Vancouver falls short of transit goal

It’s been a big month for the Kwantes boys. My son Evan started his first day in Grade 3. I experienced the first taste of my new commute.

It’s been a big month for the Kwantes boys.

My son Evan started his first day in Grade 3. I experienced the first taste of my new commute.

Getting to his elementary school is fairly straightforward for Evan: open the front door and walk 30 paces across the street.

My commute is slightly less convenient: it just went from bike-bus to bike-bus-train. The occasion was the opening of the new Canada Line rapid transit route linking the airport and downtown.

Construction was driven by the pending arrival of the 2010 Olympic Games and designed to make it easier to get around. But for myself and others who live in the southern ‘burbs, the Canada Line makes commuting downtown seem like a suburban version of the Steve Martin movie Planes, Trains and Automobiles.

On the first day:

10:35 a.m.: I leave my home by bike.

10:55: I arrive at the park-and-ride and lock my two-wheeler into a bike locker.

11: The bus arrives — the one that used to take me all the way downtown.

11:30: My bus arrives at the Richmond Canada Line station. I shuffle off the bus with the other commuters and up to the platform.

11:34: A shiny new train pulls up. I board.

11:55: After a mostly underground ride, I arrive downtown, at precisely the time I would have on my discontinued bus.

On the way home, it’s more problematic because the buses don’t run as often.

The new Canada Line is great for tourists flying into Vancouver airport, as well as people who live in Richmond, Vancouver and points in between. I hear people rave about it every day.

But I’ll miss the 55-minute ride on an express bus with cushioned, high-back seats.

It was great for snoozing, reading, listening to tunes or working on a column.

The area of Surrey in which I live is consistently ranked one of the fastest-growing in Canada. Yet it’s under-served by SkyTrain to the north, and the southern commute to downtown Vancouver just got more complicated.

The unintended consequence? More people throwing up their hands and getting back into vehicles for all or part of the drive downtown.

Ridership numbers have already proven the demand for the Canada Line, and it’s a key piece of infrastructure ahead of the 2010 Games.

But it’s also symptomatic of a growing divide in B.C.’s Lower Mainland, a split that is puzzling those who are planning transportation systems in these fiscally tight times.

On the one side are those who live in Vancouver and neighbouring cities and who are well-served by public transit.

On the other side are the faster-growing numbers of people who live in more affordable, more remote suburbs and who are under-served by the current rapid transit systems.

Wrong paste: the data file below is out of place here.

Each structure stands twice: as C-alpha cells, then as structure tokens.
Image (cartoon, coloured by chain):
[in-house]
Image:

James Kwantes is a former Advocate copy editor. He can be reached at gone-coastal@hotmail.com.

Get local stories you won't find anywhere else right to your inbox.
Sign up here

Just Posted

Sylvan Lake beachgoers spark safety concerns

‘You’re putting your life at risk,’ tweets Rachel Notley

Conservatives call for Trudeau to testify at committee on WE Charity deal

Ethics Commissioner Mario Dion is already investigating whether Trudeau violated the Conflict of Interest Act

Beat the heat this summer with pop-up spray parks

Starting next week, spray parks will be popping up in neighbourhoods across… Continue reading

Genetic detectives begin work to trace spread of COVID-19 in Canada

The kinds of genetic technology being used for this project did not exist when SARS hit Canada in 2003

Quebec police continue search for father, one day after missing girls found dead

Bodies were found in a wooded area of Quebec City suburb

QUIZ: Are you ready for a summer road trip?

How much do you really know about roads, motor vehicles and car culture? Take this quiz to find out.

Canmore RCMP respond to multiple hiking injury calls this weekend

EMS and RCMP responded to three separate and unrelated hiking accidents in Kananaskis Country.

You can’t put a price on memories

Some people would rather buy something than sell something. Some people are… Continue reading

Masks and gloves: Elections Saskatchewan preparing for pandemic election

REGINA — Elections Saskatchewan estimates it will need 400,000 face masks and… Continue reading

Quebec police say they found 2 bodies in St-Apollinaire during search for 2 girls

SAINT-APOLLINAIRE, Que. — Quebec provincial police continue to search for the father… Continue reading

NHL commissioner Gary Bettman, NHLPA chief Don Fehr reflect on RTP, CBA deals

Gary Bettman and Don Fehr finally have a chance to catch their… Continue reading

NHL’s road to Edmonton and Toronto featured plenty of obstacles

Since early March, the novel coronavirus has affected almost every decision facing… Continue reading

Florida sets record week for coronavirus deaths

FORT LAUDERDALE, Fla. — Florida’s coronavirus death rate rose again Saturday, setting… Continue reading

Trump’s defiant help for Stone adds to tumult in Washington

WASHINGTON — President Donald Trump’s intervention into a criminal case connected to… Continue reading

Most Read